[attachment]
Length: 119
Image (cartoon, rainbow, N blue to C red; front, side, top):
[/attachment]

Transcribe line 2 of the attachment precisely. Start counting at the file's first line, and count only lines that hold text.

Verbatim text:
Image (cartoon, rainbow, N blue to C red; front, side, top):